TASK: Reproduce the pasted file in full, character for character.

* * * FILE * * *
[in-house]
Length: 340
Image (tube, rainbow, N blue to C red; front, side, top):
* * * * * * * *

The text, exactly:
[in-house]
Length: 340
Image (tube, rainbow, N blue to C red; front, side, top):